‘Perfectly proportioned’ websites may be the worst

New Scientist:

…a study by Paul van Schaik at the University of Teesside, UK, has found that the golden ratio does not benefit all designs. Websites with golden proportions can be harder to extract information from, he says.

Van Schaik put 98 students into five groups and asked them all to answer questions using information on five separate websites. He recorded the time it took participants to answer each question, together with the number of web pages they looked at to do so.

All the sites had a navigation bar with links to other sections of the site on the left of the page and a frame for content on the right, but the sizes of these two sections differed for each group. The pages of one group were divided according to the golden ratio, while the websites of the other four groups gave over less space to the navigation bar.

Those in the golden group answered the questions slowest, taking an average of 15.8 seconds to answer each question – 3.5 seconds longer than the fastest group. The golden ratio group also took 2 seconds longer than the next slowest group and had to visit more pages to find the information required.

“It has been suggested since antiquity that the ratio is aesthetically pleasing,” says Van Schaik. “But we found that not only is it not liked in web pages, it is also less efficient in terms of accuracy and speed.”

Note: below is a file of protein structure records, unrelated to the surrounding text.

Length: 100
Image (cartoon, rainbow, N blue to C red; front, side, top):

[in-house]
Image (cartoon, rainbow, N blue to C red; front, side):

Please help me test a CSS menu

I’m testing a css drop down menu for use here and for use at Philly Future. Can you help me by letting me know if this works for you and what browser/browser version/OS you are running?

The menu appears as a bar just beneath this page’s header for now. Don’t sweat the colors – they are temporary.

here is the source for the menu.

Spread the word: Albert’s running for Committee person!

Philly Future and Chuck Pennacchio volunteer, photographer and blogger extraordinaire, Albert Yee is running for committee person in Ward 5 Division 8!

Ward 5 Division 8 is a rectangle from 12th St to 9th St from Pine St to South St. He is collecting signatures from registered Democrats living in the area through the weekend. He needs these signatures to qualify.

Please see details in his related post.

Some tech/media/online community/citizen journalism bits

Google blog search launches in beta! More at Om Malik’s and at Paid Content. I have no opinion yet. Got to do some digging.

The Columbia Journalism Review was with the Times Picayune in New Orleans as it produced its powerful and amazing coverage during the course Katrina and the devestation wrought afterwards. Read their report. More at Metafilter.

Congrats to Jeff Jarvis, who will be starting a a new job heading the City University of New York’s new media program.

Roland Tanglao has a recipie to build your own Memeorandum: Drupal + Aggregator2 + Algorithms = Memeorandum.

Blogging from Flashforward